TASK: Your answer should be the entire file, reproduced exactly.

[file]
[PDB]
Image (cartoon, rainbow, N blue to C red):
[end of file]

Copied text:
[PDB]
Image (cartoon, rainbow, N blue to C red):